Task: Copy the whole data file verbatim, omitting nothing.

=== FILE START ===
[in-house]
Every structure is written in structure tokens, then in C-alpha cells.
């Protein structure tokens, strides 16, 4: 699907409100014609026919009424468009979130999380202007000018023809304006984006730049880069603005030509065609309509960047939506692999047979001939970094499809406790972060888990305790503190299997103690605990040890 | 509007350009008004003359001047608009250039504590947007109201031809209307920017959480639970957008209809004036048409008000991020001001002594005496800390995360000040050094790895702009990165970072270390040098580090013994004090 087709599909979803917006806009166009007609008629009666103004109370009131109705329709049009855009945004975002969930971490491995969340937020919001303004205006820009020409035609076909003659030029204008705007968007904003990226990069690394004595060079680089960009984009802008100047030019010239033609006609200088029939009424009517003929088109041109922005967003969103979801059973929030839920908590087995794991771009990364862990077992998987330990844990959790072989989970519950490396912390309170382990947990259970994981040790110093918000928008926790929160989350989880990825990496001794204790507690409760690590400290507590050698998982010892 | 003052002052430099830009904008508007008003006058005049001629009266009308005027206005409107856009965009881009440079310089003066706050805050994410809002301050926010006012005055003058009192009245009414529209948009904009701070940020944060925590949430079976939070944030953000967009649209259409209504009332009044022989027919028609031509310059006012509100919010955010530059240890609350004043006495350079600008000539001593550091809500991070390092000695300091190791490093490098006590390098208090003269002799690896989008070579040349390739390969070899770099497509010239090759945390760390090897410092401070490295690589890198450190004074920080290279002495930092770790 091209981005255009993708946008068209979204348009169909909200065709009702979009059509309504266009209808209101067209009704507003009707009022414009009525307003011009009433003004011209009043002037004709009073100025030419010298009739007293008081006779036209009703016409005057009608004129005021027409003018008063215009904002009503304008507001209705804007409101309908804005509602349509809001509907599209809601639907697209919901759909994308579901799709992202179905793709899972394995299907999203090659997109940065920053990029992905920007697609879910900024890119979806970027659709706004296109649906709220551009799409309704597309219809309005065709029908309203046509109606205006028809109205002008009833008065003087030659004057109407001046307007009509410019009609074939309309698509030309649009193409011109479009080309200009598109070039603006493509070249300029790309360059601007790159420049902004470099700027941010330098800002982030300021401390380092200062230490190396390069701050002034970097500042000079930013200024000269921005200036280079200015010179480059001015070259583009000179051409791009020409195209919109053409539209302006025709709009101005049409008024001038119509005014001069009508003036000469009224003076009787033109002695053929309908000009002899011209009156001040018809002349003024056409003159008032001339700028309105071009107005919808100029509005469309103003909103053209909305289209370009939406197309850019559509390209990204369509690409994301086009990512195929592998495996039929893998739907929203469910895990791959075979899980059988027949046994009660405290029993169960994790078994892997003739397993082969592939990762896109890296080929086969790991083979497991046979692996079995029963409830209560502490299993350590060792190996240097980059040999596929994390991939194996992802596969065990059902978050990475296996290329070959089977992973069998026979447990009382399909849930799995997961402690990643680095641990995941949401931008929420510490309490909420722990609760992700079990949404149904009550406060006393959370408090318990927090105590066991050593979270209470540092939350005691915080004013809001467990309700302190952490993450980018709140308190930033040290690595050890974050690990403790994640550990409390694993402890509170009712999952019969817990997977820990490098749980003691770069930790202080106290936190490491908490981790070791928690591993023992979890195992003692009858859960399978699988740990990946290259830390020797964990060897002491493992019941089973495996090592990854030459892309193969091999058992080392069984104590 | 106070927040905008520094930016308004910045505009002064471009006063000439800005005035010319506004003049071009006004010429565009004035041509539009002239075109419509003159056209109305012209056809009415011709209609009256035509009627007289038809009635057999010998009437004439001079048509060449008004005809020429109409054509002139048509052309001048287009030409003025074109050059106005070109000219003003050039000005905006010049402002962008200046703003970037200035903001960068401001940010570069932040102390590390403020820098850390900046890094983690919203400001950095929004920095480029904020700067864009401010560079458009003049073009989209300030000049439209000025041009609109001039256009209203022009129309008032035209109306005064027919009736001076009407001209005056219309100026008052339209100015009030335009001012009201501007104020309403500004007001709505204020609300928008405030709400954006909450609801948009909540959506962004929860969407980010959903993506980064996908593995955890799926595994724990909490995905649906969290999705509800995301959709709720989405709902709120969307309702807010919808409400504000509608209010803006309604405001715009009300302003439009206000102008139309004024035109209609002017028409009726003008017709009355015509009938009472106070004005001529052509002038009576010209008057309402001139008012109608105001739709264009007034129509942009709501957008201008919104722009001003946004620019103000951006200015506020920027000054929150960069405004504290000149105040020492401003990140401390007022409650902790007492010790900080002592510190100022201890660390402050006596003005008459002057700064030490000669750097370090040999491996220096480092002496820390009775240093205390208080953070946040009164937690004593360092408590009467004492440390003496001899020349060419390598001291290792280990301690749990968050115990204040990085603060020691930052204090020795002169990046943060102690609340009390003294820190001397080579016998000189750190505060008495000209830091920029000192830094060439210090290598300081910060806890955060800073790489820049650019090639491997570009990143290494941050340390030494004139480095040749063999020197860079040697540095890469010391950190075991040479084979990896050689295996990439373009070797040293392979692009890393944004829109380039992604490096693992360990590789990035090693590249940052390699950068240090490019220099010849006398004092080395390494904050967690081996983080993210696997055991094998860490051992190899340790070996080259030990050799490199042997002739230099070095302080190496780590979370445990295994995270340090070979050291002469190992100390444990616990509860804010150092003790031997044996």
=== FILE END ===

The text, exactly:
[in-house]
Every structure is written in structure tokens, then in C-alpha cells.
């Protein structure tokens, strides 16, 4: 699907409100014609026919009424468009979130999380202007000018023809304006984006730049880069603005030509065609309509960047939506692999047979001939970094499809406790972060888990305790503190299997103690605990040890 | 509007350009008004003359001047608009250039504590947007109201031809209307920017959480639970957008209809004036048409008000991020001001002594005496800390995360000040050094790895702009990165970072270390040098580090013994004090 087709599909979803917006806009166009007609008629009666103004109370009131109705329709049009855009945004975002969930971490491995969340937020919001303004205006820009020409035609076909003659030029204008705007968007904003990226990069690394004595060079680089960009984009802008100047030019010239033609006609200088029939009424009517003929088109041109922005967003969103979801059973929030839920908590087995794991771009990364862990077992998987330990844990959790072989989970519950490396912390309170382990947990259970994981040790110093918000928008926790929160989350989880990825990496001794204790507690409760690590400290507590050698998982010892 | 003052002052430099830009904008508007008003006058005049001629009266009308005027206005409107856009965009881009440079310089003066706050805050994410809002301050926010006012005055003058009192009245009414529209948009904009701070940020944060925590949430079976939070944030953000967009649209259409209504009332009044022989027919028609031509310059006012509100919010955010530059240890609350004043006495350079600008000539001593550091809500991070390092000695300091190791490093490098006590390098208090003269002799690896989008070579040349390739390969070899770099497509010239090759945390760390090897410092401070490295690589890198450190004074920080290279002495930092770790 091209981005255009993708946008068209979204348009169909909200065709009702979009059509309504266009209808209101067209009704507003009707009022414009009525307003011009009433003004011209009043002037004709009073100025030419010298009739007293008081006779036209009703016409005057009608004129005021027409003018008063215009904002009503304008507001209705804007409101309908804005509602349509809001509907599209809601639907697209919901759909994308579901799709992202179905793709899972394995299907999203090659997109940065920053990029992905920007697609879910900024890119979806970027659709706004296109649906709220551009799409309704597309219809309005065709029908309203046509109606205006028809109205002008009833008065003087030659004057109407001046307007009509410019009609074939309309698509030309649009193409011109479009080309200009598109070039603006493509070249300029790309360059601007790159420049902004470099700027941010330098800002982030300021401390380092200062230490190396390069701050002034970097500042000079930013200024000269921005200036280079200015010179480059001015070259583009000179051409791009020409195209919109053409539209302006025709709009101005049409008024001038119509005014001069009508003036000469009224003076009787033109002695053929309908000009002899011209009156001040018809002349003024056409003159008032001339700028309105071009107005919808100029509005469309103003909103053209909305289209370009939406197309850019559509390209990204369509690409994301086009990512195929592998495996039929893998739907929203469910895990791959075979899980059988027949046994009660405290029993169960994790078994892997003739397993082969592939990762896109890296080929086969790991083979497991046979692996079995029963409830209560502490299993350590060792190996240097980059040999596929994390991939194996992802596969065990059902978050990475296996290329070959089977992973069998026979447990009382399909849930799995997961402690990643680095641990995941949401931008929420510490309490909420722990609760992700079990949404149904009550406060006393959370408090318990927090105590066991050593979270209470540092939350005691915080004013809001467990309700302190952490993450980018709140308190930033040290690595050890974050690990403790994640550990409390694993402890509170009712999952019969817990997977820990490098749980003691770069930790202080106290936190490491908490981790070791928690591993023992979890195992003692009858859960399978699988740990990946290259830390020797964990060897002491493992019941089973495996090592990854030459892309193969091999058992080392069984104590 | 106070927040905008520094930016308004910045505009002064471009006063000439800005005035010319506004003049071009006004010429565009004035041509539009002239075109419509003159056209109305012209056809009415011709209609009256035509009627007289038809009635057999010998009437004439001079048509060449008004005809020429109409054509002139048509052309001048287009030409003025074109050059106005070109000219003003050039000005905006010049402002962008200046703003970037200035903001960068401001940010570069932040102390590390403020820098850390900046890094983690919203400001950095929004920095480029904020700067864009401010560079458009003049073009989209300030000049439209000025041009609109001039256009209203022009129309008032035209109306005064027919009736001076009407001209005056219309100026008052339209100015009030335009001012009201501007104020309403500004007001709505204020609300928008405030709400954006909450609801948009909540959506962004929860969407980010959903993506980064996908593995955890799926595994724990909490995905649906969290999705509800995301959709709720989405709902709120969307309702807010919808409400504000509608209010803006309604405001715009009300302003439009206000102008139309004024035109209609002017028409009726003008017709009355015509009938009472106070004005001529052509002038009576010209008057309402001139008012109608105001739709264009007034129509942009709501957008201008919104722009001003946004620019103000951006200015506020920027000054929150960069405004504290000149105040020492401003990140401390007022409650902790007492010790900080002592510190100022201890660390402050006596003005008459002057700064030490000669750097370090040999491996220096480092002496820390009775240093205390208080953070946040009164937690004593360092408590009467004492440390003496001899020349060419390598001291290792280990301690749990968050115990204040990085603060020691930052204090020795002169990046943060102690609340009390003294820190001397080579016998000189750190505060008495000209830091920029000192830094060439210090290598300081910060806890955060800073790489820049650019090639491997570009990143290494941050340390030494004139480095040749063999020197860079040697540095890469010391950190075991040479084979990896050689295996990439373009070797040293392979692009890393944004829109380039992604490096693992360990590789990035090693590249940052390699950068240090490019220099010849006398004092080395390494904050967690081996983080993210696997055991094998860490051992190899340790070996080259030990050799490199042997002739230099070095302080190496780590979370445990295994995270340090070979050291002469190992100390444990616990509860804010150092003790031997044996």